When Simon and Sally Hardaker set out with friends to buy a boat suited to long-distance cruising they encountered a tricky second hand boat market considerably changed in recent times
For much of the past decade, my wife Sally and I have been dreaming, planning and saving up to sail off on an adventure, together with our friends of the last 25 years, Nigel and Catherine Langhorn. Like many, the long and sometimes painful process of searching for a boat began online, before talking to brokers and finally, going and looking at boats.
We encountered several challenges in the second-hand market, the first among these being availability. Since the UK left the EU, purchasing a boat in Europe (whatever your cruising plans) and bringing it back to sail in the UK makes you liable for 20% VAT on the purchase price. Unless you can stretch your budget, that leaves you searching in the UK; a fairly small pool as we were to discover.
The internet is a marvel for yacht research, but still relies on yacht brokers entering the details accurately and keeping them up-to-date. For the last couple of years, the market has been ‘hot’. Good boats come on the market one day and are snapped up the next, sometimes even before listing. We experienced the good, the bad, and the ugly sides of buying a boat over the last year.
The bad: boat one
First, we found a great heavy displacement Contest 48 that looked sea-kindly. The boat was ketch-rigged; I saw this as providing some flexibility in sailplan, but you could not argue with the alternative view that there was twice as much rigging to replace when the time came. She was well looked after and upgraded, but had a teak deck in dire need of replacement – a probable deterrent to prospective buyers. We researched the options for repair and offered a price to reflect that.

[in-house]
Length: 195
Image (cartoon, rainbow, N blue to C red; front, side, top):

The owner accepted our offer. We paid our deposit to the broker and the boat went formally under offer on the Friday. Enter a second broker on Saturday, who despite the yacht being under offer, approached the owner on behalf of his client (ironically first introduced, we heard later, to the boat by the broker we dealt with).
For a quick sale and without any survey, the owner accepted the other offer from the second broker. We lost the boat on the Sunday. Although we did get our deposit back, this was the bad experience of boat buying.
The ugly: boat two
Our second boat was a very solidly constructed Gulfstar 50, built in the US in the mid-1980s, well fitted out for long-distance cruising and offered through a fixed-fee online brokerage. The brokerage supplied the owner’s phone number and left it to us to call and arrange a viewing. From this point on, we dealt almost exclusively with the owner rather than the broker.
The vessel’s particulars were impressive: UK VAT was all paid up, and the boat even qualified as EU VAT paid. There was ‘brand new’ kit in many cases, and a replacement engine had been ordered, in a cavernous engine room you could almost walk around.
Brokerage specifications, though, don’t always give the whole picture, and we didn’t realise by quite how much until our survey was completed.
The boat had not got the EU’s Recreational Craft Directive (RCD) and the UK equivalent, Recreational Craft Regulation (RCR) certification when it was imported. In a nutshell, the vessel entered the UK from the US in 2010, was upgraded in a major refit, and finally sailed in the UK, before being offered for sale in 2021.
The owner claimed the craft exempt, and once faced with the legal facts, was still reluctant to accept responsibility for gaining certification and the probable consequent upgrades required. It took our surveyor to let us into all the legal issues, which the broker should probably have made all of us aware of much earlier on in the proceedings.
With the new engine installed, however, and some acceptance by the owner of how to address the legal issues, we then had to deal with the insurers. They asked to see the survey, and as you might expect, they took a fairly hard line on things like rigging, but we were amazed to hear that they insisted on every single observation and recommendation, however small, being addressed before underwriting the vessel at all.